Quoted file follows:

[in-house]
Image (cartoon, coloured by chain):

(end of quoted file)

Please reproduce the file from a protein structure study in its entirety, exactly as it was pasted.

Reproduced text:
[in-house]
Image (cartoon, coloured by chain):